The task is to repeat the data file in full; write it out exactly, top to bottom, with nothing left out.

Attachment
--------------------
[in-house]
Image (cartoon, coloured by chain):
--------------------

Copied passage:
[in-house]
Image (cartoon, coloured by chain):